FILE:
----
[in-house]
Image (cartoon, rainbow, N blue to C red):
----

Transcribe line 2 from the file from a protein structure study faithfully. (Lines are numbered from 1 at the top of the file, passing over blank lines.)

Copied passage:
Image (cartoon, rainbow, N blue to C red):